If you want to build a hybrid architecture, containers enable you to run the same technologies on your private, colocated infrastructure as those running in the public cloud, given that all of the public cloud providers offer full-fledged support for Docker and Kubernetes. (You certainly can’t say the same about OpenStack or vCloud.) This makes it easier to interface between public and private services in order to build a hybrid cloud that relies in part on colocated infrastructure.
Getting More Out of Colocated Hardware
A third benefit of containers for colocation customers is that containers promise to deliver more bang for your buck, in the sense that they offer more efficient utilization of hardware resources. In other words, because containers don’t impose the overhead of virtualization, they allow you to run more applications on the same server, at the same cost.
To be sure, the performance efficiency of containers relative to VMs is limited. It’s not as if containers will cut colocation costs in half; at best, they might reduce it by ten or fifteen percent in extreme cases, and less than five percent in typical cases. Still, that’s not nothing, and it makes colocation that much more attractive.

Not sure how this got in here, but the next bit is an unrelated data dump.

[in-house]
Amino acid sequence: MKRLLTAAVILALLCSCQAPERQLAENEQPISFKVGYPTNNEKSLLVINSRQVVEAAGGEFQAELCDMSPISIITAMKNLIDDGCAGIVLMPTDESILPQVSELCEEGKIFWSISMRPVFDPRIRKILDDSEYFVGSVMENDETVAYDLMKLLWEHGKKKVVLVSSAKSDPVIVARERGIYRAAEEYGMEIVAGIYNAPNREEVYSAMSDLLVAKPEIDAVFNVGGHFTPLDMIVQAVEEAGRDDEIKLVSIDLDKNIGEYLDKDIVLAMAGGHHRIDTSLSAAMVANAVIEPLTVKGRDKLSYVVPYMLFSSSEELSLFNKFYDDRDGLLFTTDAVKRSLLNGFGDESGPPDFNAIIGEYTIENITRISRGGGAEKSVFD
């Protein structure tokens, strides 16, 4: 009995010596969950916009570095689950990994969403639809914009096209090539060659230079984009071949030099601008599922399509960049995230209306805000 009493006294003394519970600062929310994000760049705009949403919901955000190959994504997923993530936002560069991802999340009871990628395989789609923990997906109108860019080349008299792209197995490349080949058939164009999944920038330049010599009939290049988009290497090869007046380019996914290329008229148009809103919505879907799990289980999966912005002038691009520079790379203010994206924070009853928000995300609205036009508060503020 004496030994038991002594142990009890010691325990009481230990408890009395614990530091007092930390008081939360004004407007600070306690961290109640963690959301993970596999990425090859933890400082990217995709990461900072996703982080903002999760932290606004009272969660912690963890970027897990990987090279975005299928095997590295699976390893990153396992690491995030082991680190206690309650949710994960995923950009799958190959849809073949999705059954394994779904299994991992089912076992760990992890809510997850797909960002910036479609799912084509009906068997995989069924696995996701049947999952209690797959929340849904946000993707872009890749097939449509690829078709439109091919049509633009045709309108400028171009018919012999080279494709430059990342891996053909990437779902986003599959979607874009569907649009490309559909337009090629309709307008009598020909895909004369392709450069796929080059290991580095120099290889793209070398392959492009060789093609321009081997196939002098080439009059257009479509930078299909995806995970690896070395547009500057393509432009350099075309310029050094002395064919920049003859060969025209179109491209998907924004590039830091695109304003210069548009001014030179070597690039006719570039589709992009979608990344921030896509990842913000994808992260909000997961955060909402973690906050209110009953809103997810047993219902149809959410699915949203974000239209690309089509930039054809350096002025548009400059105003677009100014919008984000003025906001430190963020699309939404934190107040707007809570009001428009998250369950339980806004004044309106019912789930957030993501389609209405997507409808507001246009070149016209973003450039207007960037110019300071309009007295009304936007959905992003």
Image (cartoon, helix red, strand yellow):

Moving Between Colocation Centers
I mentioned above that containers make it easier to move between the public cloud and colocation centers. They do the same thing for migrating from one colocation provider to another. In this respect, containers are poised to encourage more competition between colocation companies. When customers can pack up and move to another provider with little effort, colocation vendors will need to offer lower pricing, broader geographic reach and higher reliability in order to stay at the top of the market.
It would be an overstatement to say that containers are revolutionizing the colocation industry. Overall, containers and the “cloud-native” turn that they have helped to inaugurate won’t disrupt colocation as fundamentally as they have other sectors of the IT industry. Nonetheless, containers will chip away at certain facets of colocation by bringing greater portability, cost-efficiency and competition to colocation centers.